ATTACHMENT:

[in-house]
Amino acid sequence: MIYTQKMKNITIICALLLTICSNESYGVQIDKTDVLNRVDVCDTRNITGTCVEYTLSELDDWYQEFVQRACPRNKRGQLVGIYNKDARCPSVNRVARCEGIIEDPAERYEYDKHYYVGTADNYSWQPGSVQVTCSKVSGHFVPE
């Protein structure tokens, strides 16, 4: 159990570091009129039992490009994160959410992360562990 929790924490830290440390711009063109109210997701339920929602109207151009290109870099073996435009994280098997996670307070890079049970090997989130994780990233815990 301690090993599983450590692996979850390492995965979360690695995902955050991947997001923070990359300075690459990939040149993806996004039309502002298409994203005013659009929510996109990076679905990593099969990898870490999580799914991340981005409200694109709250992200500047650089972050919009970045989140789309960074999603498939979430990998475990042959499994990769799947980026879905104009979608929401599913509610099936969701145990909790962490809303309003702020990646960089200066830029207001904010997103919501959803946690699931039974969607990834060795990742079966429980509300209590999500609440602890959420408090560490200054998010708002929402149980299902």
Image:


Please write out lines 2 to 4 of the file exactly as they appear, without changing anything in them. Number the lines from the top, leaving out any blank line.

Amino acid sequence: MIYTQKMKNITIICALLLTICSNESYGVQIDKTDVLNRVDVCDTRNITGTCVEYTLSELDDWYQEFVQRACPRNKRGQLVGIYNKDARCPSVNRVARCEGIIEDPAERYEYDKHYYVGTADNYSWQPGSVQVTCSKVSGHFVPE
């Protein structure tokens, strides 16, 4: 159990570091009129039992490009994160959410992360562990 929790924490830290440390711009063109109210997701339920929602109207151009290109870099073996435009994280098997996670307070890079049970090997989130994780990233815990 301690090993599983450590692996979850390492995965979360690695995902955050991947997001923070990359300075690459990939040149993806996004039309502002298409994203005013659009929510996109990076679905990593099969990898870490999580799914991340981005409200694109709250992200500047650089972050919009970045989140789309960074999603498939979430990998475990042959499994990769799947980026879905104009979608929401599913509610099936969701145990909790962490809303309003702020990646960089200066830029207001904010997103919501959803946690699931039974969607990834060795990742079966429980509300209590999500609440602890959420408090560490200054998010708002929402149980299902």
Image: